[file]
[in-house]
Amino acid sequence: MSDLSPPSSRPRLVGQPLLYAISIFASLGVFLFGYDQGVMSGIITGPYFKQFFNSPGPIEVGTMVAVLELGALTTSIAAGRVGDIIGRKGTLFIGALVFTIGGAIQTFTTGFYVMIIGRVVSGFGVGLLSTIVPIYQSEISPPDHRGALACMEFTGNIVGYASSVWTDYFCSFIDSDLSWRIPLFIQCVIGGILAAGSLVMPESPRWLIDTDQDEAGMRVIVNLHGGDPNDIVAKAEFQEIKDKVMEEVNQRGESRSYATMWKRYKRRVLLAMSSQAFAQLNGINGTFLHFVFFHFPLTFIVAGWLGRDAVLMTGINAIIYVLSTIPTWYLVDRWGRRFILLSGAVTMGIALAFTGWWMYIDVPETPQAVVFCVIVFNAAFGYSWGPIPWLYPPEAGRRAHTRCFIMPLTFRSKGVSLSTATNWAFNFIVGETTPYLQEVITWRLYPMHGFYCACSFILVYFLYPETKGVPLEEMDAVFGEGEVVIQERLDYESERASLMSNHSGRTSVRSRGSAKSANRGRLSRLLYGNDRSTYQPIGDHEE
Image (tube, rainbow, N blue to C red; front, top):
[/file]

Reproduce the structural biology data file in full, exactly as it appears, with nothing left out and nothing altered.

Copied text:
[in-house]
Amino acid sequence: MSDLSPPSSRPRLVGQPLLYAISIFASLGVFLFGYDQGVMSGIITGPYFKQFFNSPGPIEVGTMVAVLELGALTTSIAAGRVGDIIGRKGTLFIGALVFTIGGAIQTFTTGFYVMIIGRVVSGFGVGLLSTIVPIYQSEISPPDHRGALACMEFTGNIVGYASSVWTDYFCSFIDSDLSWRIPLFIQCVIGGILAAGSLVMPESPRWLIDTDQDEAGMRVIVNLHGGDPNDIVAKAEFQEIKDKVMEEVNQRGESRSYATMWKRYKRRVLLAMSSQAFAQLNGINGTFLHFVFFHFPLTFIVAGWLGRDAVLMTGINAIIYVLSTIPTWYLVDRWGRRFILLSGAVTMGIALAFTGWWMYIDVPETPQAVVFCVIVFNAAFGYSWGPIPWLYPPEAGRRAHTRCFIMPLTFRSKGVSLSTATNWAFNFIVGETTPYLQEVITWRLYPMHGFYCACSFILVYFLYPETKGVPLEEMDAVFGEGEVVIQERLDYESERASLMSNHSGRTSVRSRGSAKSANRGRLSRLLYGNDRSTYQPIGDHEE
Image (tube, rainbow, N blue to C red; front, top):